So a new and safer way from Europe to America beckons, and so far everything would be clear. But -- now comes again that bad quality which inevitably sticks to the rocket motor, namely the inability to work for a long time. And that is why the coming Atlantic flight with the rocket will differ quite significantly from all previous undertakings of this kind. It won't be a real flight at all, but rather a kind of sling - a high arc throw. That sounds fantastic, but it is quite conceivable. You have to think of the start in the following way: First, the oversea rocket plane climbs up to an altitude of at least 12,000 to 15,000 meters with the help of propellers or rocket propulsion. Of course, it must contain hermetically sealed cabins and be equipped with an adequate heating system for the occupants, because at such heights it is colder than at the North Pole in winter. Then the plane starts to jump across the Atlantic, "quite simply" in such a way that the jets only work at full power for a few minutes, but during this time the machine is brought up to such a high speed that the main part of its further trajectory in a free ballistic trajectory, which leads up to heights of hundreds of kilometers, without any further effort, like a bullet.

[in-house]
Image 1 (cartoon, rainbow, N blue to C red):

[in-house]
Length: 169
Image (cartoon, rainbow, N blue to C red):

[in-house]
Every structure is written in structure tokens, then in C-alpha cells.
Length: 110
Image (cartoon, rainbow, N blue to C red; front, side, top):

The future development of high-speed traffic technology is probably moving towards the goal of no longer lugging extorted goods from place to place by constant drive, but simply hurling them towards the destination - a method that has long been used on a small scale by brick carriers when building houses. However, the transport of people in this robust way is only rumored to be within the range of possibilities that can be considered at all thanks to the large rocket. Because if you wanted to eject it with the help of a gigantic projectile, then the entire speed required to overcome the throwing distance would have to be generated in the projectile tube in fractions of a second. And no brick and no post sack could endure that - let alone a human being! In the case of the rocket, on the other hand, the development of energy can be regulated and extended just long enough for the acceleration pressure to remain within tolerable limits.

For example, to fly across the Atlantic, a run-up speed of around 3000 meters per second (= 10,800 kilometers per hour) would be necessary. If this speed, which is inconceivable by today's standards, is reached by the approaching rocket plane within three minutes, then the speed will increase by 17 seconds per second. Every halfway healthy person can endure that and especially a postal sack.

It is often claimed that no one can ask for such high speeds. Why not? Sheer speed, even the highest conceivable speed, has absolutely no influence on the living organism. After all, we are constantly sweeping through space at the undeniably alarmingly high speed of 100,000 kilometers per hour - swept along by the earth on its perpetual flight around the sun - and we don't feel a thing of it! It is not speed that could become dangerous for the rocket drivers, but merely a change, an increase in speed, which is called acceleration and which alone causes the dreaded backward pressure.